Earthquakes waves arrive in a distinct sequence Different waves cause different

Earthquakes waves arrive in a distinct sequence

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Earthquakes waves arrive in a distinct sequence - Different waves cause different motion - P-waves are the first to arrive - They produce a rapid, bucking, up-and-down motion - S-waves arrive next (second) - They produce a pronounced back-and-forth motion - This motion is much stronger than that from P-waves - S-waves cause extensive damage - Surface waves are delayed travelling along the exterior - L-waves follow quickly behind the S-waves - They cause the ground to writhe like a snake - R-waves are the last to arrive - The land surface undulates like ripples across a pond - These waves usually last longer than the other kinds - R-waves cause extensive damage - Severity of shaking and damage depends on: - The magnitude (energy) of the earthquake - The distance from the focus - The nature of the subsurface material - Bedrock transmits seismic waves quickly = less damage - Sediments reflect and refract waves = amplified damage - The frequency of the earthquake waves - Ground shaking - Building floors “pancake” - Bridges and roadways topple
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- Bridge supports are crushed - Masonry walls break apart - Landslides and avalanches - Shaking causes material on steep slopes to fail - Hazardous slopes bear evidence of ancient slope failures - Landslides frequently accompany earthquakes in uplands - Liquefaction - waves liquefy H 2 O-filled sediments - Groundwater forces grains apart reducing friction - Liquefied sediments flow as a slurry - Sand becomes “quicksand”: clay becomes “quick clay” - Sand blows and sand volcanoes disrupt ground surface Liquefaction - Liquefaction causes soil to lose strength - Land, and the structures on it, will slump and flow - Buildings may founder and topple over intact Earthquake Damage - Fire is frequently realized earthquakes hazard - Shaking topples stoves, candles, and power lines - Broken gas mains and fuel tanks ignite a conflagration - Infrastructure (water, sewer, electricity, roads) destroyed - Firefighters are often powerless to combat fire - No road access, no water - Too many hot sports - Fire may greatly magnify the destruction and toll in human lives - Tsunami (Japanese for harbour wave) - Tsunamis result from displacement of the sea floor - Earthquakes, submarine landslide, or volcanic explosion - Faulting displace the entire volume of overlying water - A giant mound (or trough) forms on the sea surface - This feature may be enormous (up to a ten thousand square mile area) - Feature collapse creates waves that race rapidly away - Destructive tsunamis occur frequently - about one a year - There have been 94 destructive tsunamis through the 20 th century - They have caused about 350,00 human deaths - Future tsunami disasters are inevitable - Growing human population in low-lying coastal areas - Education about tsunamis can save many lives - Tsunamis race at jetliner speed across the ocean - They may be almost imperceptible in deep water - Low wave height (amplitude), long wavelength (frequency) - As water shallows, waves slow from frictional drag - Waves grow in height, reaching 10 to 15m or even more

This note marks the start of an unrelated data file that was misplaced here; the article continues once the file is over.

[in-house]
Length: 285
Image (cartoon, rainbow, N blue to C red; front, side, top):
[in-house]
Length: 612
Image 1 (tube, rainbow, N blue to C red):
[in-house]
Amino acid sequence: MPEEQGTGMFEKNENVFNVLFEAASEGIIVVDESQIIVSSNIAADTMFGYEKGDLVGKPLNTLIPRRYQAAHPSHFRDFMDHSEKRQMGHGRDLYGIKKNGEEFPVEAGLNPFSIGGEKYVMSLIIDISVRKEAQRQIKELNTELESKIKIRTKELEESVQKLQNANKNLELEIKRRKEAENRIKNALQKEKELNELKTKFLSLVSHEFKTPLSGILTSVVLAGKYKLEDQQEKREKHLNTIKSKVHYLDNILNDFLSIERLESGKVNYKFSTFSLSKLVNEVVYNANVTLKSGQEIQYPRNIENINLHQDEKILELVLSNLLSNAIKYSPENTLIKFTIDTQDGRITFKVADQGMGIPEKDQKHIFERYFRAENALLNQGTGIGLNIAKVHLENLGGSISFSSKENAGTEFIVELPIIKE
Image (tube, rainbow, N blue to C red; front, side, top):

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- Tsunami waves are very different from wind-driven waves - Wind waves - Influence the upper 100m - Have wavelengths of several tens to hundred of m - Wave height and wavelength related to wind speed - Wave velocity maximum several tens of km per hour - Waves break in shallow water and expend all stored energy - Tsunami waves - Influence entire water depth -
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